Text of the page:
Fig. 2 shows SEM images of the morphology of the AgNWs-coated fabric with different magnification. As shown in Fig. 2a, the yarns of the cotton were layered naturally with porous structure. The outmost surface of the fabric is covered by AgNWs (Fig. 2b), on which nanowires are uniformly wrapped on the fibers. Particularly, between the neighboring yarns, there are empty spacing that are bridged by the attached AgNW conductive networks (Fig. 2c). To be noticed, long and uniform wires were observed between adjacent yarns and the average diameter of AgNW is around 55 nm. In Fig. 2d, the AgNWs are homogenously formed at main area of the yarn surface, while disconnected at some point due to the poor adhesion. Furthermore, the distant between nanowires adhered on the individual yarn is relatively larger than that of the nanowires between neighboring yarns.
Also, the density of the AgNWs on the surface of the fabrics was adjusted by the times of dip-coating cycles. The AgNWs-coated fabric with 1 dip cycle and 5 dip cycles were shown in Fig. S1 and Fig. 2d, respectively. Compared with the high density one, the nanowire mesh spacings of 1 dip cycle were increased from below 1 µm to 2-4 µm.
The composition of the AgNWs-coated fabric was also investigated by the EDS, as illustrated in the inset of Fig. S2. In addition to the C and O contents which mainly attributed from cotton, Ag element was also observed, indicating the distribution of AgNWs on the cotton.
The sensing principle of the pressure sensor is shown in Fig. 3a and the cross-section SEM images of the sensor with different pressures are shown in Fig. 3b-e. In the unloading state, the initial resistance is large, which is caused by the non-contact AgNWs on the fabrics (Fig. 3b). Once the pressure was applied, the increasing fiber-scale contacts of nanowires on the adjacent fabrics contributed to a decrease in the resistance (Fig. 3c). Furthermore, when the nanowires on the fabrics were contacted completely, the continued pressure loaded on the fibers then increased the yarn-scale contacts. As Fig. 3d shown, the yarns length in Y direction are reduced from about 200 µm to 160 µm, confirming the compression between the yarns. According to the cross-section SEM images, the AgNWs were formed both on the yarn surface and inside the adjacent yarns (Fig. S3). When the pressure was applied and the yarns were compressed, the AgNWs inside the yarns could contact and further reduced the resistance of the sensor. With loading pressure increasing, the neighboring fabrics were compressed (Fig. 3e), fabric-scale contacts further reduced the resistance of the sensor due to the increased contact area between the facing fabrics. At this point, the total thickness of the double-layered fabrics was reduced from 600 µm to 350 µm. Therefore, the pressure sensing of the sensors was determined by the synergistic effect of the fiber/yarn/fabric multi-scale contact. These cross-section SEM images further confirmed the pressure sensing mechanism.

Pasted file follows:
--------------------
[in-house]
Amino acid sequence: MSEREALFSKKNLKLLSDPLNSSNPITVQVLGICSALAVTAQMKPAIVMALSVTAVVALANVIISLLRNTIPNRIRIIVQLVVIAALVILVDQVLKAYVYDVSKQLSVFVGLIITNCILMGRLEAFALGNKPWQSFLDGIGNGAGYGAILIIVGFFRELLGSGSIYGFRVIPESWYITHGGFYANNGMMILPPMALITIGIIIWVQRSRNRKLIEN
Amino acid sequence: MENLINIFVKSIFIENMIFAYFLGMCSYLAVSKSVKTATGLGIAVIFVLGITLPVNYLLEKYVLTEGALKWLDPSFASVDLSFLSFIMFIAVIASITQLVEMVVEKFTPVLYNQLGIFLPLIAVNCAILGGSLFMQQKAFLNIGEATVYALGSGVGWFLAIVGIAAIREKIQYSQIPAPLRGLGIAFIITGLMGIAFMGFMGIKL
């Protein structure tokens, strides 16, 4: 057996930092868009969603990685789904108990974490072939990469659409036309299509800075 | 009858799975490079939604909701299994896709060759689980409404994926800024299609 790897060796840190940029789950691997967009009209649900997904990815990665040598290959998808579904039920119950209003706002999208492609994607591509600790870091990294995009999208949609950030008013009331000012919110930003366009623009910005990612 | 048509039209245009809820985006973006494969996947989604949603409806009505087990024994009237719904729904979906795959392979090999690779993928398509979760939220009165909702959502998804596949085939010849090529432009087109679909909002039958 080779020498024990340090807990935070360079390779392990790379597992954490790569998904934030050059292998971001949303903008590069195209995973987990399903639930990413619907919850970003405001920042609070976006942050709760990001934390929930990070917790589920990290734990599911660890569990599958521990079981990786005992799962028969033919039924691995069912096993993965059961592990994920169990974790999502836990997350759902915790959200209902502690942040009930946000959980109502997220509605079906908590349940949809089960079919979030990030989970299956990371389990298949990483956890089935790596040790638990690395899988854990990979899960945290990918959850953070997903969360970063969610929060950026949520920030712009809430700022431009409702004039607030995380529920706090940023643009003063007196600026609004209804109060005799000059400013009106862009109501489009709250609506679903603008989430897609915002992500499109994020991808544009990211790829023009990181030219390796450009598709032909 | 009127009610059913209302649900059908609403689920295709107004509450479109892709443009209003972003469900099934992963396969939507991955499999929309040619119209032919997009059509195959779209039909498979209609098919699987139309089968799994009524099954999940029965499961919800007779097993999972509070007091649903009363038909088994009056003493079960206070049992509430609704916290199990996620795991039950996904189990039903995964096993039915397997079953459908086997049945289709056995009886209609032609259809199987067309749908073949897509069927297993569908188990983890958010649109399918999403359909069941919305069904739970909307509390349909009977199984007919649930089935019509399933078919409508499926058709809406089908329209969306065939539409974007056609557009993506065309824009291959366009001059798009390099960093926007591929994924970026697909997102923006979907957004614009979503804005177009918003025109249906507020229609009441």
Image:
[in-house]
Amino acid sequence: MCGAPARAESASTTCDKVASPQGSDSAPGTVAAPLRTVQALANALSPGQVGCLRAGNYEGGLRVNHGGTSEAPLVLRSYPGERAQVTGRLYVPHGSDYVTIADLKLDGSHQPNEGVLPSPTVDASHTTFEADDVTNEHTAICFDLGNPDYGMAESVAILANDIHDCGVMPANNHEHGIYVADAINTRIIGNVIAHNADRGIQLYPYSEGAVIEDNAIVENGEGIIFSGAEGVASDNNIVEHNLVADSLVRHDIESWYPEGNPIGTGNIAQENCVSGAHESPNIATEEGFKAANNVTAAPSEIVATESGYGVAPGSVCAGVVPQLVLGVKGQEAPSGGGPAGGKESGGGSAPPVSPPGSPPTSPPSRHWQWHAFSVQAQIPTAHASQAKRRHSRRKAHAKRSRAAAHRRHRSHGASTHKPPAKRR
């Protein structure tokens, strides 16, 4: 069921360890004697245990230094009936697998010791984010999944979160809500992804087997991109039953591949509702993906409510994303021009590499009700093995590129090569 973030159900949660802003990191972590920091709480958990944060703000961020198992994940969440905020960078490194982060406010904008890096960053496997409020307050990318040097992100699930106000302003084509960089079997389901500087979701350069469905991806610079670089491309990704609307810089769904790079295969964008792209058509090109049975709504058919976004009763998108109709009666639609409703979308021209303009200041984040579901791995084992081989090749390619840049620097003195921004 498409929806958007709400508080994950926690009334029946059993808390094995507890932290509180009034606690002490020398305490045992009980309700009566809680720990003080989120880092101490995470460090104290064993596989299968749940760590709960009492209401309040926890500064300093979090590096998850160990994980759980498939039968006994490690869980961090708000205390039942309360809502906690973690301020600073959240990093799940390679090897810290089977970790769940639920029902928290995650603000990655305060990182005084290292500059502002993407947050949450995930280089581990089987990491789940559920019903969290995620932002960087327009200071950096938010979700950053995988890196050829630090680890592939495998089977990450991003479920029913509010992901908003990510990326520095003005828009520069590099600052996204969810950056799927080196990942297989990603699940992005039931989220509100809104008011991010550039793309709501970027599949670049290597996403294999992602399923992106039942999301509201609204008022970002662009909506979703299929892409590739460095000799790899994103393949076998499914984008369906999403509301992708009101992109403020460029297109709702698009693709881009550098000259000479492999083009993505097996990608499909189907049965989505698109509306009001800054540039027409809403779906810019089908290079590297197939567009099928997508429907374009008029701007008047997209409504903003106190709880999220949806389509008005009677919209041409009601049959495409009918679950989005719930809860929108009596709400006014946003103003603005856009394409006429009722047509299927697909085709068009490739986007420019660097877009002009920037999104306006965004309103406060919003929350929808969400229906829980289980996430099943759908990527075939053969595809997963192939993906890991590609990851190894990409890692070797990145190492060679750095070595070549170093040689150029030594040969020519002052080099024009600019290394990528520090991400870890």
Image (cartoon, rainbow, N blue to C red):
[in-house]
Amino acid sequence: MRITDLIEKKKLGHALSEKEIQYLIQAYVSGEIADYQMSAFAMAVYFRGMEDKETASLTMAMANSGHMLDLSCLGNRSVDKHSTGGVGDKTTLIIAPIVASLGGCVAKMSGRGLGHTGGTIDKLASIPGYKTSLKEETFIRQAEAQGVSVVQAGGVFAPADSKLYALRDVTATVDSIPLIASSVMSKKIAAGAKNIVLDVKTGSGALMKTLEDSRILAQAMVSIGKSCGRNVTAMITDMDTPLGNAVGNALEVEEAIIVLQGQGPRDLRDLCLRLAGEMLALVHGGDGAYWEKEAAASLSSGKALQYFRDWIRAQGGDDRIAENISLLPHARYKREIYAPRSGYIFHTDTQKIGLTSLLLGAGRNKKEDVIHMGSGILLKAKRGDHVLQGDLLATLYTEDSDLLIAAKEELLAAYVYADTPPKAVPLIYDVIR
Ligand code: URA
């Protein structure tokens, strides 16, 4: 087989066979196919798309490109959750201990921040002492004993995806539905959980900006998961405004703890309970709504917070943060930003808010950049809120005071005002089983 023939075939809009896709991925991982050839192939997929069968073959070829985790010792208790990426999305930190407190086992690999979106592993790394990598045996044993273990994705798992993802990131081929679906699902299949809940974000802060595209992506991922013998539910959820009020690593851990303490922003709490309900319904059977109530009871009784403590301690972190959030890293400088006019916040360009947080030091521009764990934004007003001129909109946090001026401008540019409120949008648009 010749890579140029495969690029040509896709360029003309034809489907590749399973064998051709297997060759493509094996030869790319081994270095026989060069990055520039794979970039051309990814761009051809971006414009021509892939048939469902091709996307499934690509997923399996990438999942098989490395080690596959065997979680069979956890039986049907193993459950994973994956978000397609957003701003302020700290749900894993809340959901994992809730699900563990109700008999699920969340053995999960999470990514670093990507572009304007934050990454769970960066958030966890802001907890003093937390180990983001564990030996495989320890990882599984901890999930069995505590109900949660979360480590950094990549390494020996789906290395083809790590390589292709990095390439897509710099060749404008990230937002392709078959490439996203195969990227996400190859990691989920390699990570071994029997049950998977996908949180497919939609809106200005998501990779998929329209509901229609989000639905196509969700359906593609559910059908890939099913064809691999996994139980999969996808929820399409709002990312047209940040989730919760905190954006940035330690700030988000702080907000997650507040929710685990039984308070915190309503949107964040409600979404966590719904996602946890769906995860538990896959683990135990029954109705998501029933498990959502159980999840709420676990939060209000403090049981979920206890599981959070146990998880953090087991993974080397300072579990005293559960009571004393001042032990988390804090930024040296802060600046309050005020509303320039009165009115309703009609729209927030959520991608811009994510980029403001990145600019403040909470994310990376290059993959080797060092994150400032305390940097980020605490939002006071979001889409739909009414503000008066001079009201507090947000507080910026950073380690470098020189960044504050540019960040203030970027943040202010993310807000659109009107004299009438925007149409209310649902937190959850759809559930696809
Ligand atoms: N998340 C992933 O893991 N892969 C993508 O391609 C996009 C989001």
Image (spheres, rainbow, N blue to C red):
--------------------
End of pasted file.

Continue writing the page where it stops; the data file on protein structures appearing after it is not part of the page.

The influence of bending on the surface morphology of the AgNWs coated fabrics was investigated by cross-section SEM images shown in Fig. S4. With the little bending deformation, there is no obvious crack and peeling-off problem of AgNWs network on the fabrics (Fig. S4b) compared with initial state (Fig. S4a). In order to further investigate the influence of bending deformation, the SEM images of AgNWs-coated fabrics with 500 times bending cycles was taken and shown in Fig. S5. Fig S5 shows many delaminated spots which potentially occur device degradation. This result indicates that the stability of the AgNWs coated fabric need to be further improved in the future.
Fig. 4a shows the current-voltage curves of the pressure sensor under different pressures. When the applied pressure increased from 0 kPa to 100 kPa, the resistance of the sensor was decreased. Furthermore, the response of sensor was steady and fell in line under Ohm’s law . The current of pressure sensor is shown in Fig. 4b, which is relatively constant under different applied pressure, revealing that the response of the sensor is stable for different pressures. Therefore, the results provide excellent electrical stability for the potential application of the pressure sensor.